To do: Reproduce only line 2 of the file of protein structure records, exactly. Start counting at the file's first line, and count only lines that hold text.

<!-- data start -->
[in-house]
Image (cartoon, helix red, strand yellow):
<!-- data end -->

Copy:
Image (cartoon, helix red, strand yellow):